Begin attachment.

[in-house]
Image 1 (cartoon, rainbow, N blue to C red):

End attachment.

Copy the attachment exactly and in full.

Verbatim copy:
[in-house]
Image 1 (cartoon, rainbow, N blue to C red):